GOP Ovecomes Libertarian Plot

In 2013, Democrat Terry McAuliffe won the governor's race in Virginia with 47.8% of the vote against Republican Ken Cuccinelli who took 45.2%. Libertarian candidate Robert Sarvis captured 6.5%, enough to make the difference on the safe assumption that the limited government, tax cutting platform of the LP took more votes from the GOP than from the big government, high taxing McAuliffe.

Virginia is a swing state and the Democrats wanted to split the opposition vote. The largest independent contribution to Sarvis came from the Libertarian Booster Pac (LBP), a group whose largest financial supporter was Texas software billionaire Joe Liemandt who is also a major backer of President Barack Obama. Liemandt gave LBP $150,000. Wes Benedict, co-founder of LBP, told Breitbart News that without Liemandt's money, the group would not have financed Sarvis.

Success of this kind seems to have inspired the LP to pick races in 2014 that would damage the GOP campaign to win control of the Senate. Libertarian candidates ran for Senate seats in 20 states. Of these, 15 were in States either with GOP incumbents or were on the list of potential GOP gains. The other five were States where the Democratic incumbent was considered safe.         

The Libertarian Party claims it decided three Senate races, North Carolina, Alaska, and Virginia, because its candidate got more votes than the margin of victory for the winner. This is sheer bravado without much logic except in the care of Virginia where Republican Ed Gillespie trailed incumbent Democrat Mark Warner by only a few thousand votes. Sarvis was again the spoiler LP candidate, with over 53,000 votes. In North Carolina and Alaska, Republicans won narrow victories despite the LP's effort. The LP threat in other close races in Georgia, Kansas, and Colorado were also overcome by strong Republican showings; though Cory Gardner was held to less than 50% of the vote.

To what end do the libertarians target the GOP? The LP claims it is for "leverage", that an LP "vote may well have 100 times the impact of each vote cast for a Democratic or Republican candidate." Historically, the role of third parties is to pull one of the two major parties in its direction. The Tea Party movement did this by running (or threatening to) in Republican primaries. But no one believes libertarians have the strength to win nominations. They have to act as spoilers in the general election where their handful of votes can make a difference in a tight race.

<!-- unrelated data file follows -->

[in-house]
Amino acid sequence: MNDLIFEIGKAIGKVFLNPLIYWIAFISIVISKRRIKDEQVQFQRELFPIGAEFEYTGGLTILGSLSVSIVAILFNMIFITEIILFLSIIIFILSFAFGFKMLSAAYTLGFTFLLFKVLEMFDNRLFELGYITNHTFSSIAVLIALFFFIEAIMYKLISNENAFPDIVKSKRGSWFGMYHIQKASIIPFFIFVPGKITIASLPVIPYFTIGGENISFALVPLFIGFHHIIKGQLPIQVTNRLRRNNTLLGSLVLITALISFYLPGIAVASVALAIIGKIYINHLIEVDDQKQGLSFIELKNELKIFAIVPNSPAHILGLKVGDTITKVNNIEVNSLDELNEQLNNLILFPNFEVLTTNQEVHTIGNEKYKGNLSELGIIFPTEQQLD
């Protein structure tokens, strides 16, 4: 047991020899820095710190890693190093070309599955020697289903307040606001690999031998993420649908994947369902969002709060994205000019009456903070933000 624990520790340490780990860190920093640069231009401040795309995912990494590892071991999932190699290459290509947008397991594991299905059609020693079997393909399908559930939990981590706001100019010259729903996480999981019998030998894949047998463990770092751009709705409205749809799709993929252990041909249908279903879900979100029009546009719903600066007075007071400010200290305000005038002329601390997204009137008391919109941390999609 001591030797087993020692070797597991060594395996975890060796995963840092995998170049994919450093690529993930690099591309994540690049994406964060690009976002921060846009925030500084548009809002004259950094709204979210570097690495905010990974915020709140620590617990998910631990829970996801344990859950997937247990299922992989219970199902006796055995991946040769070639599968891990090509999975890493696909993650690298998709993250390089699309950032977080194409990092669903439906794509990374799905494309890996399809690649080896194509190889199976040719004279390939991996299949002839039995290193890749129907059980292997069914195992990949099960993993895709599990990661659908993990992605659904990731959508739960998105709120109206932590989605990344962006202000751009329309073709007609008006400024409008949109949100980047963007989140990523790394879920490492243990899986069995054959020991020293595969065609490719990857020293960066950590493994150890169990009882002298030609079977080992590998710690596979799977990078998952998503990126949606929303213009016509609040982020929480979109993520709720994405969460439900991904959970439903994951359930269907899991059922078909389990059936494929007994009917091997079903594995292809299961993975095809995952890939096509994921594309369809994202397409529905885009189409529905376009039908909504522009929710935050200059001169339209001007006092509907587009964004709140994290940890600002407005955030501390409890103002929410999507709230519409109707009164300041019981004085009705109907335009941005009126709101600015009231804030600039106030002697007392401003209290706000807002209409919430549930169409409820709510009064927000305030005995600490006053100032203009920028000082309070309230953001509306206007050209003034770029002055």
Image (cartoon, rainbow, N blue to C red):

It is doubtful that the GOP could ever move far enough in the direction of anarchy to appease the LP. Nor should it try. With over two-thirds of the public saying that the country is moving in the wrong direction, a great deal of effort will be required to turn things around. Laissez-faire will not get the job done. As one voter complained, "we used to control events, now events control us." The GOP is expected to offer national leadership, and the party will be judged on the success of its policies. Whether it is economic recover, national security, or traditional values, the party must be active, not passive.

As the great conservative sage Russell Kirk argued in a famous lecture at the Heritage Foundation in 1988, which I was privileged to hear,

The Constitution of the United States distinctly is not an exercise of libertarianism. It was drawn up by an aristocratic body of men who sought "a more perfect union." The delegates to the Constitutional Convention had a wholesome dread of the libertarians of 1786-1787, as represented by the rebels who followed Daniel Shays in Massachusetts. What the Constitution established was a higher degree of order and prosperity, not an anarchists' paradise.

One cannot fault the LP for trying to maximize its influence any way it can. Or blame the Democrats for trying to benefit by splitting the anti-socialist vote. However, the people who fall for the LP plot and throw their votes away--- or into the enemy camp--- can be blamed for being fools. There weren't enough fools casting votes this time to prevent the GOP from winning control of the Senate. The 2016 elections could be another story if the libertarian threat isn't quashed.